Roberta Fusco  48:42

Absolutely. And I kind of think that comes back to the comfort point, like, I want to do all of this but I don’t want to feel too uncomfortable. And it’s also kind of coming up against those structural issues that, oh yeah, we want to do this, but you know, it’s got to go through this process, this form needs to be filled out and it needs to be approved by this thing and needs to go there. So, it’s building in all those structural barriers, I think, as well.

Frances Brown  49:13

And just to add to that, because, you know, I’m a governance person. So I’ve seen people always talk about processes, what’s the process, what’s the system. But processes are all driven by people. So the process isn’t the most important thing, it’s always the people.

Roberta Fusco  49:29

I completely agree with you. It’s about more than diversity. Diversity is like the first, maybe the first step, or it’s a step in the journey, but then it’s what you do with it and how then that the people that are there driving processes. That’s where the magic happens, I think.

Sanjiv Lingayah  49:46

Yeah, I think we also need to recognise that we as a society is, you know, kind of human, certainly in kind of, for the past few centuries, we have lived in a world with misogyny, homophobia, racism, the kind of visceral hatred of the poor. So all of these things are very kind of normalised. And so what we’re asking people to do is to build new kinds of institutions, new ways of thinking. It’s very messy, it’s very scary, we’re largely operating in fog, because we haven’t really got the blueprint of how to do this. And I think that calls for brave and bold leadership. Leadership, that is, okay we’re getting things wrong and fessing up when you get things wrong, because, you know, we don’t really know how to do this. And I think it’s really important that we’re honest about that, and we’re kind of making the path as we walk it. The other thing I would say, is just to give a little mention, for the work of our colleague and friend, Lena Bheeroo at Bond, and they’re the kind of umbrella organisation for the development sector, which is, I’m sure people can imagine, has its own kind of like entrenched issues about racism, colonialism, you know, kind of human hierarchy, and all of those kinds of problems. But I think some of the work they’ve done there, it’s kind of really interesting, not only thinking about leadership, but thinking about what else needs to be in place around leadership. So obviously, it’s kind of governance, it’s how do we think about kind of programme and programme design, it’s thinking about kind of values and culture. So there’s a whole array of things. I was at a meeting not so long ago, someone said an interesting point, which was, leaders can do a lot, they can’t do everything. So because you know, a whole kind of system, you know, needs to come with them. And there can be a lot of kind of dead weight resistance, further down the organisation, if we want to think of that kind of hierarchy, which, really does get in the way. So I think kind of leadership and kind of the various kind of systems and features and processes around that, that are also required in order to really move on these kind of issues.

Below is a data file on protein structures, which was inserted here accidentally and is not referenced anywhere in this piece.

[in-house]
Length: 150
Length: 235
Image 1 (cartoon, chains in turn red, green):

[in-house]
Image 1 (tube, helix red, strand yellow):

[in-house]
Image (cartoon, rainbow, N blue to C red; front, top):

Roberta Fusco  52:30